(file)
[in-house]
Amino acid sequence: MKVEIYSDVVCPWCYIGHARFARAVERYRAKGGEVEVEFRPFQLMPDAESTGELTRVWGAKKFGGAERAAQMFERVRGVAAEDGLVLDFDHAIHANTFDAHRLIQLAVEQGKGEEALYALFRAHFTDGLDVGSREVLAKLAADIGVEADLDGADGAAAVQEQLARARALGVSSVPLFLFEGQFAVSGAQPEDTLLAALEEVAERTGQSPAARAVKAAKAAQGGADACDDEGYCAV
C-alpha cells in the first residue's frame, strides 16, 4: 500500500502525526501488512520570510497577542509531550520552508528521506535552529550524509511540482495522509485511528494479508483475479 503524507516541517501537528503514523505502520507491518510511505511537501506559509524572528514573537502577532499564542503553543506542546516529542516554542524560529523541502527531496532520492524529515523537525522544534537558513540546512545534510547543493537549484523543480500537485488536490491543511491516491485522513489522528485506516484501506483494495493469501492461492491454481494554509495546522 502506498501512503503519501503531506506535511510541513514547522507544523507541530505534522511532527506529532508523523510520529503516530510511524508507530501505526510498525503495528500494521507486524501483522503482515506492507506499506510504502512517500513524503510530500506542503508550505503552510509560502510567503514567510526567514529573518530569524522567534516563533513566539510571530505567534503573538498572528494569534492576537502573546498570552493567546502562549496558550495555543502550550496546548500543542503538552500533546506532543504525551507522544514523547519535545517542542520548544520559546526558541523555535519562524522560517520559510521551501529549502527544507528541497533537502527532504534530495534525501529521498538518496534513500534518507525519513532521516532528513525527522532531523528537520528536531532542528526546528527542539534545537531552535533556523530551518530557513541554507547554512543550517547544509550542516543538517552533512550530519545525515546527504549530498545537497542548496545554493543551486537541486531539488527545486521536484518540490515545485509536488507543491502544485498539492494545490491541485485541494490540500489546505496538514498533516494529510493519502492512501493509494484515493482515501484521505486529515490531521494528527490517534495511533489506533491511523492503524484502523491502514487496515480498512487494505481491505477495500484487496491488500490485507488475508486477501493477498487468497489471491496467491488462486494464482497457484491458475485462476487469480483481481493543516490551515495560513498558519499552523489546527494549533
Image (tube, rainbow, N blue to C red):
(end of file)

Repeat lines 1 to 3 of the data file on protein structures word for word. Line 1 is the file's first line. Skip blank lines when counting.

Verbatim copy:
[in-house]
Amino acid sequence: MKVEIYSDVVCPWCYIGHARFARAVERYRAKGGEVEVEFRPFQLMPDAESTGELTRVWGAKKFGGAERAAQMFERVRGVAAEDGLVLDFDHAIHANTFDAHRLIQLAVEQGKGEEALYALFRAHFTDGLDVGSREVLAKLAADIGVEADLDGADGAAAVQEQLARARALGVSSVPLFLFEGQFAVSGAQPEDTLLAALEEVAERTGQSPAARAVKAAKAAQGGADACDDEGYCAV
C-alpha cells in the first residue's frame, strides 16, 4: 500500500502525526501488512520570510497577542509531550520552508528521506535552529550524509511540482495522509485511528494479508483475479 503524507516541517501537528503514523505502520507491518510511505511537501506559509524572528514573537502577532499564542503553543506542546516529542516554542524560529523541502527531496532520492524529515523537525522544534537558513540546512545534510547543493537549484523543480500537485488536490491543511491516491485522513489522528485506516484501506483494495493469501492461492491454481494554509495546522 502506498501512503503519501503531506506535511510541513514547522507544523507541530505534522511532527506529532508523523510520529503516530510511524508507530501505526510498525503495528500494521507486524501483522503482515506492507506499506510504502512517500513524503510530500506542503508550505503552510509560502510567503514567510526567514529573518530569524522567534516563533513566539510571530505567534503573538498572528494569534492576537502573546498570552493567546502562549496558550495555543502550550496546548500543542503538552500533546506532543504525551507522544514523547519535545517542542520548544520559546526558541523555535519562524522560517520559510521551501529549502527544507528541497533537502527532504534530495534525501529521498538518496534513500534518507525519513532521516532528513525527522532531523528537520528536531532542528526546528527542539534545537531552535533556523530551518530557513541554507547554512543550517547544509550542516543538517552533512550530519545525515546527504549530498545537497542548496545554493543551486537541486531539488527545486521536484518540490515545485509536488507543491502544485498539492494545490491541485485541494490540500489546505496538514498533516494529510493519502492512501493509494484515493482515501484521505486529515490531521494528527490517534495511533489506533491511523492503524484502523491502514487496515480498512487494505481491505477495500484487496491488500490485507488475508486477501493477498487468497489471491496467491488462486494464482497457484491458475485462476487469480483481481493543516490551515495560513498558519499552523489546527494549533